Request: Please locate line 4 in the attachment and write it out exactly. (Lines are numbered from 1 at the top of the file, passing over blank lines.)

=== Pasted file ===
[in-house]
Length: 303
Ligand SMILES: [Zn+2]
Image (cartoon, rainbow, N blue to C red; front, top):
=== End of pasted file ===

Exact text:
Image (cartoon, rainbow, N blue to C red; front, top):